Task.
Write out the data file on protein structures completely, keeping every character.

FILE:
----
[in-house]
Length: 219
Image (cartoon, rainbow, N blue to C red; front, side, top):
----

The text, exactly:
[in-house]
Length: 219
Image (cartoon, rainbow, N blue to C red; front, side, top):